When you add fats to your meal, you can feel more full for longer. Low fat meals can create hunger more quickly than a meal with adequate healthy fats.Think about it. Most comfort meals have some healthy fats.
Fats supply energy!
Fats supply the body with energy as they have more calories per gram. Once the body uses carbohydrates, the next thing that it uses are fats for energy. Healthy fats are used to store energy in adipose tissues. Each of us is born with a specific number of fat cells, and these increase or decrease in size depending upon energy requirement as well as calorie consumption.
Fats protect organs and bones
While excess fats is a problem, your body needs some level of fats to protect organs and bones. Without any level of fats in the body, bones would be more susceptible to injury.
Fats are required to absorb fat soluble vitamins!
Vitamins A, D, E and K are fat soluble vitamins. They require fats in order for your body tpo absorb them. Fats work with these vitamins to have a positive effect on eyesight, blood circulation, skin, hair, bone and brain.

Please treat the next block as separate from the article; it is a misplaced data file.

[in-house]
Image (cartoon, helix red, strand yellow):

Fats are required for cell membranes
Cell membranes are predominantly fat. For optimum cellular functioning, your body requires different healthy fats to preserve the integrity of cell membranes.
Fats protect your brain!
The brain is made up of almost 70% fat. Fats are required to manitain brain health, improve nerve response, stimulate release of neurotrasmitters like dopamine, serotonin, GABA and beta-endorphins and for healthy cognitive function. Inadequate fats in the diet has been linked to neurodegeneration and conditions of brain and meantal health. You can read about depression here.
Fats maintain body temperature
Fats play a key role in maintaining integrity of your skin. It prevents loss of moisture via the skin. When there is loss of water through the skin, it can cause a raise in body temperature. Fats prevent this and help you maintain a healthy body temperature.
Fats are the building block of your hormones!
Cholesterol from dietary healthy fats are the building block of both steroid hormones such as cortisol and sex hormones such as estrogen and progesterone. For healthy and happy hormones, you require an adequate intake of healthy fats. They are used to trigger menarche at the right time for young girls, maintain a healthy cycle free of complications and conditions in menstruating women and support a gentle menopause in older women. They also play a key role in fertility.
You can also read a lot more about fats in this great article!
Smoking points of healthy fats:
Every fat can be beneficial when used in the right way. While most healthy fats can be used for cooking, I advise staying with avocado oil, mustard oil, butter, ghee and coconut oil for high heat cooking. Use olive oil and sesame oil raw for the best benefits.